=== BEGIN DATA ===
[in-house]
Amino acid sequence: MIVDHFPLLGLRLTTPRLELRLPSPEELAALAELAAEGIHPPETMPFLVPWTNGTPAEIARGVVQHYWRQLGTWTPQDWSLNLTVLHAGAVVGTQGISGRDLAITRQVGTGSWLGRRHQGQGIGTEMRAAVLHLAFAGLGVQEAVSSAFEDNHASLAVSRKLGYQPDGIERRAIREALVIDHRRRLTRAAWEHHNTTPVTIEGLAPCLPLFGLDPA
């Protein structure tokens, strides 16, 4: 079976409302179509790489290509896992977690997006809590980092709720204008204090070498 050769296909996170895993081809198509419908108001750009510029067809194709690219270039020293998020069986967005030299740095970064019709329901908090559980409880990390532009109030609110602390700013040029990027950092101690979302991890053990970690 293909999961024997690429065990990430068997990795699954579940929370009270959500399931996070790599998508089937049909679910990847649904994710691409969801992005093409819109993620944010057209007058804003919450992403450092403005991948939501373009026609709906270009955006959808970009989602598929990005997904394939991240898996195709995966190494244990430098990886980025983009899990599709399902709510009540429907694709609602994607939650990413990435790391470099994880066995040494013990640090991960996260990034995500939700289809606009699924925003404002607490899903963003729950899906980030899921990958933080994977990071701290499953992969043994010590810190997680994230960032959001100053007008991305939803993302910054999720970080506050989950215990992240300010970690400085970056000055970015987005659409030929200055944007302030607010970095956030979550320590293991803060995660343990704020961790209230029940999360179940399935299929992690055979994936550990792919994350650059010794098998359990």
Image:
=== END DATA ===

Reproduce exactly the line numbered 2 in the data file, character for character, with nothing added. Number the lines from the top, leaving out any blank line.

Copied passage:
Amino acid sequence: MIVDHFPLLGLRLTTPRLELRLPSPEELAALAELAAEGIHPPETMPFLVPWTNGTPAEIARGVVQHYWRQLGTWTPQDWSLNLTVLHAGAVVGTQGISGRDLAITRQVGTGSWLGRRHQGQGIGTEMRAAVLHLAFAGLGVQEAVSSAFEDNHASLAVSRKLGYQPDGIERRAIREALVIDHRRRLTRAAWEHHNTTPVTIEGLAPCLPLFGLDPA